Notes of Frankfurt to San Francisco on Lufthansa’s A380
Instead of giving you a play by play of the flight, I made a video of the journey and tour of the hangar. So check it out on the next page. In the meantime, here are my notes from the flight.
-Newspapers are in the gate area or lounge–they don’t pass them out on the plane, but they had magazines in shelves on the wall.
–10 hours and 30 minutes was our scheduled flight time, which is about an hour quicker than normal thanks to favorable winds.
-In business class they have noise-canceling headphones that are attached to the headphone jack so you don’t have to fumble with the wire.
-There’s lots of storage for the window seats because there are bins attached to the wall.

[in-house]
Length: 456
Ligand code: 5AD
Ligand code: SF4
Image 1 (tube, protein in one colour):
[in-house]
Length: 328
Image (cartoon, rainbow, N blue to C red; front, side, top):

-The bins above the window seats are not that big, but the ones over the center seats are oversized.
-The entertainment system has three live cameras so you can see what’s going on outside without opening the window shade. One points straight ahead, the other looks down, and the last, my favorite, gives a view from the tail.
-Each seat also has its own electrical outlet and USB port.
-My seatmate was the famous Chris McGinnis. We sat in 19A and B.
-The A380 is unbelievably quiet.
-The pilot turned the seat-belt sign off within 15 minutes, and he didn’t turn it back on again until we landed.
-Here’s a scan of the menu.
-They use carts to serve food and drinks.
-The food was really good, and I especially loved their pretzel bread.
–Dessert was a surprise box filled with all kinds of delicious treats.
-To celebrate the special flight, they served what must be the best-tasting cake ever served on a plane.
-The only thing the flight attendants weren’t on the ball with was picking up trays. Instead of getting them when people finished, they waited to collect them all at once.